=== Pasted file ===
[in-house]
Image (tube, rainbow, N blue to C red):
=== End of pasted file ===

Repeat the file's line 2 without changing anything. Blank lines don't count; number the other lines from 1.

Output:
Image (tube, rainbow, N blue to C red):